Feng and Chang (2010) compared 1511 Taiwanese non-English major freshmen’s test scores on the TVE (Technological & Vocational Education) Joint College Entrance Examination and on the Global English Test (GET) and found that the TVE English scores were reliable and useful to be used as a basis for grouping students and claimed that additional placement tests would not be necessary. Nevertheless, the feasibility of college entrance exams as placement tests was still not fully discussed.
Given the concern over the appropriateness of the English GSAT which does not include a listening component for placement into both English reading and listening courses, Yu (2009) compared 2347 college students’ English GSAT scores with their scores on self-developed English reading and listening tests (following the test format and difficulty level of the intermediate-level GEPT reading and listening tests). The English GSAT appeared to be highly correlated with the internally developed reading and listening tests, indicating that the English GSAT had a high level of criterion-related validity and worked well to stream students into different reading and listening classes. However, the content alignment between these tests and courses and the use of cut scores (Hille & Cho, 2020) were not thoroughly investigated.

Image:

Another related question emerges as to whether the English GSAT can still function well in differentiating between students for the second semester. Yu and her colleagues (Yu, 2009) continued, in the same study, to administer another form of reading and listening proficiency test to 2118 students who had completed their first-semester English course. The results revealed that the English GSAT had no significant correlation with the second proficiency test and neither did it have strong predictive power of the proficiency test scores, suggesting that the discrepancy between students’ proficiency had increased and thus warranted another administration of proficiency test for placement. Yet, plausible factors contributing to the non-significant correlation between these tests were not explored.
In Yang and Lee’s (2014) recent study, 805 Taiwanese college freshmen who took the required year-long English reading and writing course were placed into three levels based on their college entrance exam scores. They were given the Oxford Online Placement Test in the beginning of the first semester to assess their reading ability. Their test performance consistently varied across the three levels and moderately correlated with their college entrance exam scores. Yang and Lee contended that it seemed feasible to use college entrance exam scores for the reading and writing course placement. Slightly different from Yu (2009) though, they considered content alignment and treated the use of English GSAT for placement into English listening and speaking courses with caution.